How to Find Your Way
The how-to books in this section aimed to orient their users as they made their way in the world, geographically, culturally, professionally or socially. Willem Lodewycksz's history of Dutch travel to the East Indies (Item 1) combines highly practical geographical information (such as representations of specific islands in the archipelago for the use of sailors navigating dangerous straits) with cultural descriptions useful to both real and armchair travelers.
Making one's way at home also required instruction. An offshoot of the conduct manual (see How to Be Somebody section), Thomas Powell's early career guide, Tom of All Trades (Item 2), maps out a social and economic terrain for the aspiring class. By cataloguing and describing possible occupations and "pathways to preferment," it gives the aspiring outsider an insider's view and a way to imagine social mobility. That said, while the book offers an array of career options, its distinctions also work to re-inscribe the occupational hierarchies that could exclude this or that Tom from the preferment promised.
Devotional manuals are designed, of course, to help readers find their ways to the ultimate reward: God. Jeremy Taylor's immensely popular devotional (Item 3), a late example of the genre, strikingly foregrounds the relationship between theological ideals and quotidian practice: by fitting specific prayers "to the seueral Days of the Week," his readers orient themselves beyond time. Pierre Berault's book (not Illustrated) moves the reader in the obverse direction. Nominally a devotional, it is also a language manual, printing all of its prayers in English and French on opposing pages. Indeed, Berault uses the book's front flyleaf to advertise his skills as a language tutor, and to provide directions to the house where he gave Latin and French lessons. Readers of his book could orient themselves to the divine, in order then to perfect a worldly skill.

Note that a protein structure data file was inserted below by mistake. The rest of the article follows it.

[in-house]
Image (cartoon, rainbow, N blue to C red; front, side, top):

In contrast to how-to manuals that offered particular maps for their readers to follow and perfect through their own experience, the practical experiments proposed in Francis Bacon's posthumously published Sylva Sylvarum (Item 4) required his readers to orient themselves epistemologically, exploring precisely the how of the how-to book. A methodical reflection on the instructional manual, this is a text that starts in a "heap of particulars" and, through orientation, moves the reader toward scientific theory.